Way back on June 8, 2014, Donald Trump — who by then had long since established himself in conservative circles as a prominent voice in birther conspiracy theories and anti-immigrant demagoguery — staked out a strikingly heterodox position: He wanted to save entitlement programs.
We have to make the U.S.A. RICH again so that we can afford to pay Social Security, Medicare,and Medicaid and STRONG to keep our enemies out— Donald J. Trump (@realDonaldTrump) June 8, 2014
As a candidate during the 2015 GOP primary process, it was a theme he returned to. When former Arkansas Gov. Mike Huckabee also stepped up with a promise to protect Social Security and Medicare, Trump claimed total ownership of the pro-entitlement position — vowing specifically to defend Medicaid as well.
I was the first & only potential GOP candidate to state there will be no cuts to Social Security, Medicare & Medicaid. Huckabee copied me.— Donald J. Trump (@realDonaldTrump) May 7, 2015
Huckabee is a nice guy but will never be able to bring in the funds so as not to cut Social Security, Medicare & Medicaid. I will.— Donald J. Trump (@realDonaldTrump) May 7, 2015
Trump portrayed this issue as a key differentiator. Defending Medicaid was a central plank of his pitch for American greatness.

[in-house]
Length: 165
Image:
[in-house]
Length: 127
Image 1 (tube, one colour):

The Republicans who want to cut SS & Medicaid are wrong. A robust economy will Make America Great Again! https://t.co/u25yI5T7E8— Donald J. Trump (@realDonaldTrump) July 11, 2015
He even specifically referred to Ohio Gov. John Kasich as being excessively right-wing on the Medicaid issue.
I am going to save Medicare and Medicaid, Carson wants to abolish, and failing candidate Gov. John Kasich doesn't have a clue - weak!— Donald J. Trump (@realDonaldTrump) October 31, 2015
Now, of course, Trump has lined up behind a Senate health care bill that features draconian cuts to Medicaid:
- First, it cuts reimbursement rates to Medicaid expansion states, slowly phasing out federal support for the new enrollees.
- Second, it ends Medicaid’s open-ended commitment to covering the health care needs of eligible patients — sticking states with per capita spending caps.
- Third, it adjusts those payments over time to ensure that the money available per patient grows more slowly than the cost of providing medical coverage. Each year, a wedge will steadily open wider and wider between the money available for medical coverage and the cost of providing it.
That’s not really true, but even if you think it is, it’s true Medicaid certainly isn’t dead. But the Senate health care bill will kill it, and will do so in order to finance a large tax cut for wealthy people — something Trump’s economic team also promised not to do.